Wednesday, November 28, 2007

How Bush Saved Iran’s Neocons

Barbara Slavin

November 2007

Not long ago, Tehran’s hardliners were just one faction among many. But a series of diplomatic blunders by the Bush administration has put these guardians of Iran’s Islamic Revolution in the driver’s seat—and made war much more likely. When it comes to foreign policy, the Bush administration has often made the perfect the enemy of the good. It wasted years seeking the removal of Palestinian leader Yasser Arafat before it got serious about trying to broker an Arab-Israeli peace deal. Now, with barely a year left in office, it finds itself trying to reconcile a weakened Israel and a fractured Palestine. It ignored Iraqi history by dismantling powerful, centralized institutions and trying to re-create Iraq as a democratic, free-market state. More than four years later, U.S. officials are still struggling to salvage a stable nation from the wreckage.

The administration has followed a similar pattern—but with potentially even more disastrous consequences—in its policy toward Iran. In applying new unilateral sanctions against the Islamic Revolutionary Guards Corps, the Bush administration hopes to intensify divisions within the Iranian government so that more “reasonable” figures will benefit. So far, however, U.S. policy has had the opposite effect, boosting Iranian hardliners who argue that the Bush administration has no interest in reconciling with Iran and that Tehran’s best course is to reach bomb capacity as soon as possible.

The recent resignation of Ali Larijani, Iran’s top nuclear negotiator, is a case in point. Caught between American neocons and Iranian hardliners, Larijani stepped down last month and was replaced by Saeed Jalili, an obscure foreign ministry official and crony of Iranian President Mahmoud Ahmadinejad.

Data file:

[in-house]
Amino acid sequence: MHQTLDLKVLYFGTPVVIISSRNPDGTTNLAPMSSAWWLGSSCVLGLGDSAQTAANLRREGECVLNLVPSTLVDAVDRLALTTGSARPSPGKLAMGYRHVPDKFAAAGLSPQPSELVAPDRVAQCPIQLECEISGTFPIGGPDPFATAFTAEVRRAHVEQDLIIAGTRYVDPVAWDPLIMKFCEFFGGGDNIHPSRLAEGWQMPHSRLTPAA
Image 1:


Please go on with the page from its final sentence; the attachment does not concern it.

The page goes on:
Larijani could have achieved more with timely U.S. backing. In the winter of 2005-2006, he began making overtures to the Bush administration, going so far as to praise U.S. National Security Advisor Stephen Hadley as a “logical thinker” in an interview with me in Tehran. Larijani also authorized a deputy, Mohammad Javad Jaffari, to set up back-channel talks with Hadley or a designated emissary. The White House never replied.

In March 2006, Larijani went further and publicly accepted a prior U.S. offer for talks on Iraq. A week later, Iran’s supreme leader, Ayatollah Ali Khamenei, endorsed Larijani’s acceptance, the first time Khamenei had publicly approved direct talks with the United States. Again, the Bush administration demurred, even though the idea was originally an American one. U.S. officials said that Iran would use the talks to distract from growing international pressure over its nuclear program. There was also concern in Washington that Iraqis, who were struggling to form a new government at the time, would think that the United States and Iran were deciding their political fate over the heads of the Iraqi people.